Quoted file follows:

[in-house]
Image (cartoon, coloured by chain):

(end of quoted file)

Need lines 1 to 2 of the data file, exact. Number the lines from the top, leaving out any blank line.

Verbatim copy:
[in-house]
Image (cartoon, coloured by chain):